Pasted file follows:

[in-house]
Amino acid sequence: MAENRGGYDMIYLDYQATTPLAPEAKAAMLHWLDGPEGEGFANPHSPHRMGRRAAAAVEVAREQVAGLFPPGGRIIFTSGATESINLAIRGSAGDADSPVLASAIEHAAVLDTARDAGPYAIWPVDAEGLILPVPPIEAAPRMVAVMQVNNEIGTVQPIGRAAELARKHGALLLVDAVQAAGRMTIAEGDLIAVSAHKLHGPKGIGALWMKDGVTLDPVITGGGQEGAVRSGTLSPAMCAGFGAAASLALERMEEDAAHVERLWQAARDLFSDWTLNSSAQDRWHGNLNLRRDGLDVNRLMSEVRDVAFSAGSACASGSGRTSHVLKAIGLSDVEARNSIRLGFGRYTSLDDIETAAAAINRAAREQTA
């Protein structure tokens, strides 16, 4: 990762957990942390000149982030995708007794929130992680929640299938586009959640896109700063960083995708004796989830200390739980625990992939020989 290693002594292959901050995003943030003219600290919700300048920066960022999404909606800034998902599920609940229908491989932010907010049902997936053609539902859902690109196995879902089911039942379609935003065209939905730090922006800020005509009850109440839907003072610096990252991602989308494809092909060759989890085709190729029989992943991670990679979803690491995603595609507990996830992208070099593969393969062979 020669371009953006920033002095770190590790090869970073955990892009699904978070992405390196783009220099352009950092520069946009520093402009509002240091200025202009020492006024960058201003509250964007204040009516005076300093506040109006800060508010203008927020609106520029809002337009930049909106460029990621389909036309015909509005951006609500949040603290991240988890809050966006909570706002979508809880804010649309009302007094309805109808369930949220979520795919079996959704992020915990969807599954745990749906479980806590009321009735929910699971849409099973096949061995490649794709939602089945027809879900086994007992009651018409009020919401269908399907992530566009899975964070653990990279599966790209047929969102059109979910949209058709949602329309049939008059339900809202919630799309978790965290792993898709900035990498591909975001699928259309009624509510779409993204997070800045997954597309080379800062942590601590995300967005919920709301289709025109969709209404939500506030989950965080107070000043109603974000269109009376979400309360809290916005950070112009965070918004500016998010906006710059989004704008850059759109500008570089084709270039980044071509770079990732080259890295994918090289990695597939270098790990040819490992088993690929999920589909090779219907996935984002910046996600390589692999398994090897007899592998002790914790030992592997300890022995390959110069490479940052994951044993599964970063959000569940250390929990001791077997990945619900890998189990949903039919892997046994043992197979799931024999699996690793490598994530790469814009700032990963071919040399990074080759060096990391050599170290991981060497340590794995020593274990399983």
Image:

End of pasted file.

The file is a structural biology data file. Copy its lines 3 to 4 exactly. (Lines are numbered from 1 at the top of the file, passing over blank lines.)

């Protein structure tokens, strides 16, 4: 990762957990942390000149982030995708007794929130992680929640299938586009959640896109700063960083995708004796989830200390739980625990992939020989 290693002594292959901050995003943030003219600290919700300048920066960022999404909606800034998902599920609940229908491989932010907010049902997936053609539902859902690109196995879902089911039942379609935003065209939905730090922006800020005509009850109440839907003072610096990252991602989308494809092909060759989890085709190729029989992943991670990679979803690491995603595609507990996830992208070099593969393969062979 020669371009953006920033002095770190590790090869970073955990892009699904978070992405390196783009220099352009950092520069946009520093402009509002240091200025202009020492006024960058201003509250964007204040009516005076300093506040109006800060508010203008927020609106520029809002337009930049909106460029990621389909036309015909509005951006609500949040603290991240988890809050966006909570706002979508809880804010649309009302007094309805109808369930949220979520795919079996959704992020915990969807599954745990749906479980806590009321009735929910699971849409099973096949061995490649794709939602089945027809879900086994007992009651018409009020919401269908399907992530566009899975964070653990990279599966790209047929969102059109979910949209058709949602329309049939008059339900809202919630799309978790965290792993898709900035990498591909975001699928259309009624509510779409993204997070800045997954597309080379800062942590601590995300967005919920709301289709025109969709209404939500506030989950965080107070000043109603974000269109009376979400309360809290916005950070112009965070918004500016998010906006710059989004704008850059759109500008570089084709270039980044071509770079990732080259890295994918090289990695597939270098790990040819490992088993690929999920589909090779219907996935984002910046996600390589692999398994090897007899592998002790914790030992592997300890022995390959110069490479940052994951044993599964970063959000569940250390929990001791077997990945619900890998189990949903039919892997046994043992197979799931024999699996690793490598994530790469814009700032990963071919040399990074080759060096990391050599170290991981060497340590794995020593274990399983």
Image: